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Landlord-Tenant Laws to Remember

Important Landlord-Tenant Laws in Montgomery County MD

Laws concerning rental homes are established to protect both the landlord and tenant involved in the lease agreement. While landlords want to make a profit and wish to keep their investment properties safe, tenants want their rights to be respected.

Compliance with federal, state, and local regulations pertaining to rental housing is crucial for landlords. Today we will discuss some of the top landlord-tenant laws to remember while renting out your Montgomery County home.


7 Important Legal Requirements for Landlords

1. Avoid Discrimination

Owning an investment home in a diverse town like Silver Spring can make you vulnerable to discrimination. With all walks of life looking to rent homes, you must be aware that you are following two of the most important federal landlord-tenant laws:

Fair Housing Act

This law prohibits landlords from discriminating against potential tenants based on their race, color, national origin, religion, sex, disability, or the presence of children. More so, this act applies to advertising as well, meaning you are not allowed to direct advertisement of a rental property to a specific group of people.

In addition, Maryland adds additional protection to potential tenants by preventing discrimination based on marital status, gender identification, or sexual identification.

Fair Credit Reporting Act

This act dictates how a landlord may use a tenant’s credit history. Designed to protect the tenant’s privacy and to assure the most accurate information is being reported, the Fair Credit and Reporting Act has several requirements for landlords when accessing a tenant’s credit history:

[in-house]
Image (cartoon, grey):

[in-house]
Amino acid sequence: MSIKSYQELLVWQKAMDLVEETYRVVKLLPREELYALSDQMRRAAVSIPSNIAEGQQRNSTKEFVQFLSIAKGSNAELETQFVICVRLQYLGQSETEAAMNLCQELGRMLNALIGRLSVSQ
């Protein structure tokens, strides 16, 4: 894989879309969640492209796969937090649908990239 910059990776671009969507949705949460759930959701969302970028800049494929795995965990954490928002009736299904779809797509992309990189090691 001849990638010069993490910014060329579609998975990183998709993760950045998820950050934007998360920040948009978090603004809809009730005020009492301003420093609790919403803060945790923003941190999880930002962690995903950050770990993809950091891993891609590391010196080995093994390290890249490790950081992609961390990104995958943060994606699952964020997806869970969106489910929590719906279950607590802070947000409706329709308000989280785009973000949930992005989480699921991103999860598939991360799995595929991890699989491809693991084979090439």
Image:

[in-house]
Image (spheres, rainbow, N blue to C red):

• Permission from the tenant must be given to run a credit report.
  • The credit agency used to run the report must be provided.
  • An “adverse action notice” is required detailing a denial of tenancy.


2. Lease Drafting

Montgomery County Property Management Tenant Lease Agreement

Drafting a legally compliant lease agreement can be difficult. It is easy to get caught up in making a profit, especially in places such as Gaithersburg, where a population boom is creating many rental opportunities. Owning multiple properties may cause you to slack in drafting thorough lease agreements. Check out some of the provisions you are required by law to include in each lease agreement you draft:

  • You must offer an initial 2 year lease term.
  • To force a tenant to vacate the premises, a written notice must be provided.
  • Acknowledgment of liability for damage caused by the negligence or violations of applicable laws.
  • Late rent penalties must not exceed 5% of the monthly rental amount and no late charges can apply until the rent is more than 10 days late.